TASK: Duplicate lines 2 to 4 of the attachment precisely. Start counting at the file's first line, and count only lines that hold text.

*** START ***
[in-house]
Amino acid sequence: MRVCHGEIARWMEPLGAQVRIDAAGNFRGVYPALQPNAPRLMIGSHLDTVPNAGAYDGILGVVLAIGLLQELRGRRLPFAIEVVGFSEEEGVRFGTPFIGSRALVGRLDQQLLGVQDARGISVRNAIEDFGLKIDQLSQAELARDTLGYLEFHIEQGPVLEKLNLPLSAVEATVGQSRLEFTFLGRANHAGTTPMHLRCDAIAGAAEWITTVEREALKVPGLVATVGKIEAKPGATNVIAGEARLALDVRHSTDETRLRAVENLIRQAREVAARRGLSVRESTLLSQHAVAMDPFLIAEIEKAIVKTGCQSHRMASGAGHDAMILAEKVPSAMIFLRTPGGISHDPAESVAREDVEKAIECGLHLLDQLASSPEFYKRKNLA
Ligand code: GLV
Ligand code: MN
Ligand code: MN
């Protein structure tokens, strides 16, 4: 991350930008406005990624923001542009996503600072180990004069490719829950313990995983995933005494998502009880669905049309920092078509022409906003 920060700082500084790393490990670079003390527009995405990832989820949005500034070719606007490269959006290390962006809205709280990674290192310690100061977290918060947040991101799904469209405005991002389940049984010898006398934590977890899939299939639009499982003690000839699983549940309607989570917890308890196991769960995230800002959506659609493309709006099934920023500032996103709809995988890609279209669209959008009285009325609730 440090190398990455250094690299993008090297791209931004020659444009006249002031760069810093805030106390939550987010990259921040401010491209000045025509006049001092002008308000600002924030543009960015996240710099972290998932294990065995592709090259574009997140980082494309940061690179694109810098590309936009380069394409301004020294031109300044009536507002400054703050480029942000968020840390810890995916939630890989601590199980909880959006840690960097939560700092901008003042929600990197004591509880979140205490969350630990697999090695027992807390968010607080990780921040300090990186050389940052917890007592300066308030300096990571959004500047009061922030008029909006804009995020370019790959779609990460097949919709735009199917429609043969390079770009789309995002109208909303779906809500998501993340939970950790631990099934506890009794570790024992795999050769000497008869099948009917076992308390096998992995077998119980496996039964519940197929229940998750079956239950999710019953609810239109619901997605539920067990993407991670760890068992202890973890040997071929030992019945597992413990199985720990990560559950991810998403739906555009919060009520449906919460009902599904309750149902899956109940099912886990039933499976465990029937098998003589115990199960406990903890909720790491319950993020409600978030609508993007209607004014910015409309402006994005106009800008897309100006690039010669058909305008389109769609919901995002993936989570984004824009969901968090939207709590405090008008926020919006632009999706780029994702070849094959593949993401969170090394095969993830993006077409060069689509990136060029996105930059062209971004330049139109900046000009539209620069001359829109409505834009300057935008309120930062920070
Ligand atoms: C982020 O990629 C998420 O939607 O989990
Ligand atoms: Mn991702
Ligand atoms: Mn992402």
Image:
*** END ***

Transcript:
Amino acid sequence: MRVCHGEIARWMEPLGAQVRIDAAGNFRGVYPALQPNAPRLMIGSHLDTVPNAGAYDGILGVVLAIGLLQELRGRRLPFAIEVVGFSEEEGVRFGTPFIGSRALVGRLDQQLLGVQDARGISVRNAIEDFGLKIDQLSQAELARDTLGYLEFHIEQGPVLEKLNLPLSAVEATVGQSRLEFTFLGRANHAGTTPMHLRCDAIAGAAEWITTVEREALKVPGLVATVGKIEAKPGATNVIAGEARLALDVRHSTDETRLRAVENLIRQAREVAARRGLSVRESTLLSQHAVAMDPFLIAEIEKAIVKTGCQSHRMASGAGHDAMILAEKVPSAMIFLRTPGGISHDPAESVAREDVEKAIECGLHLLDQLASSPEFYKRKNLA
Ligand code: GLV
Ligand code: MN